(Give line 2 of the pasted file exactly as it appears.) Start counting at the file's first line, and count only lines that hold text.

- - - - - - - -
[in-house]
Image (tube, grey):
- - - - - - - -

Image (tube, grey):